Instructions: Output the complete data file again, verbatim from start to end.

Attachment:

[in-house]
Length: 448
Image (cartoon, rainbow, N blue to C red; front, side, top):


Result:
[in-house]
Length: 448
Image (cartoon, rainbow, N blue to C red; front, side, top):